NCSE – Climate Change and Political Partisanship in the U.S.

Based on a new poll on climate change and political views, the National Center for Science Education or the NCSE reported on the Yale Program on Climate Change Communication new data on the registered American voters’ attitudes and beliefs towards climate change and political views. Political views can imply particular identifications on scientific lines.

This has been substantially true in the United States where some political views can be seen as catastrophically bad for the informed policymaking of the public. When political views impede scientific education, are bound to scientific illiteracy, or belie a scientifically informed public, we come to the issue of an appropriately informed public.

A scientifically informed public in a majoritarian or democratic state is catastrophic for policymaking and voting of the public. In terms of thinking global warming is happening, 75% responded in the affirmed with only 11% in the negative. This is good news.

NCSE, among those answering in the affirmative, stated, “98% of liberal Democrats, 92% of moderate/conservative Democrats, and 69% of liberal/moderate Republicans. Fewer conservative Republicans (47%) think that global warming is happening.”

In short, this is a politically divisive issue. On this particular issue, the rights are far less scientifically informed than the leftists, i.e., this aspect of reality leans liberal or is biased towards the liberal in a manner of speaking.

Surprisingly in contrast to the colloquial notions about American citizenry, there are some interesting aspects to some parts of the data. Not in terms of if global warming is happening, but how or by which means global warming is occurring, 61% of the respondents consider global warming is “Caused mostly by human activities” while 29% believe it is “Caused mostly by natural changes in the environment.” 5% ventured both of the aforementioned as the causes and only 4% selecting neither. These are encouraging numbers. It is not the citizenry; it is the leadership not applying this will of the people to the development of scientifically appropriate and fully-informed policies.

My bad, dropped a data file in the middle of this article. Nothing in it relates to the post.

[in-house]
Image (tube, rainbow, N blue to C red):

“Opinion was politically divided, with a large majority of Democrats but a minority of Republicans accepting human responsibility,” the NCSE stated, “The data were ‘based on a nationally representative survey of 1,029 American adults, aged 18 and older, 911 of whom are registered to vote. The survey was conducted April 7-17, 2020. All questionnaires were self-administered by respondents in a web-based environment.’”

With files from the National Center for Science Education.

Photo by Zbynek Burival on Unsplash

Scott Douglas Jacobsen
Scott Douglas Jacobsen
Assistant Editor, News Intervention, Human Rights Activist. Scott Douglas Jacobsen is the Founder of In-Sight: Independent Interview-Based Journal and In-Sight Publishing. He focuses on North America for News Intervention. Jacobsen works for science and human rights, especially women’s and children’s rights. He considers the modern scientific and technological world the foundation for the provision of the basics of human life throughout the world and advancement of human rights as the universal movement among peoples everywhere. You can contact Scott via email.

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